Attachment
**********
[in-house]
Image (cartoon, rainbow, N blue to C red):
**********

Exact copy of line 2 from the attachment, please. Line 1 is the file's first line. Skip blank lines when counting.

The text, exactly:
Image (cartoon, rainbow, N blue to C red):